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British estate agents have had plenty of cheer this year. Winkworth, the latest to join the party, on Wednesday reported a doubling of sales in the interim period, over both year-ago and pre-pandemic numbers. Foxtons, its zippier rival, generated two-thirds more sales over the same period and registered a bump over 2019. Yet at some point sobriety looks set to return.
So far, however, more business means profits have returned. For Winkworth, pre-tax profit quadrupled to £2m. The small number reflects its franchise model, with income derived from an 8 per cent cut of franchisees’ takings.
Realtors are a notoriously upbeat lot. They see plenty of reason to toast their future. London rents, which provide a lead indicator of sorts, slumped by as much as a fifth during the pandemic. But with banks and other employers keen to usher workers back into the office, would-be tenants registering interest have jumped by a third on year-ago figures, says Winkworth.
Average UK house prices increased 13 per cent in the year to June, according to official figures. But London, where the average house costs £510,000, managed less than half that growth. An optimistic read is that a return to the capital by workers, students and investors, combined with short supply, will send prices higher in future. Recovery in the macro backdrop, including employment, and a possibly sustained desire for more space, also help.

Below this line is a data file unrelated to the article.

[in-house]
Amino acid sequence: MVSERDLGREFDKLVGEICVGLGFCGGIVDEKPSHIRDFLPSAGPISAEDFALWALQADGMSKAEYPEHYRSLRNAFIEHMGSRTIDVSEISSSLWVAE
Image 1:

Others will struggle to see too much sustainability in these trajectories. Much of the boom stems from government largesse, including the stamp duty holiday — a pandemic boost introduced in mid-2020. The phased removal of that prop has already dented homebuyer enthusiasm. Mortgage approvals, which rushed back to levels last seen before the financial crisis of 2008 after the levy was introduced, have begun tapering off.
The latest Bank of England data shows a 6 per cent drop from June to July. A more tempered second half beckons. The party hats may soon be removed.
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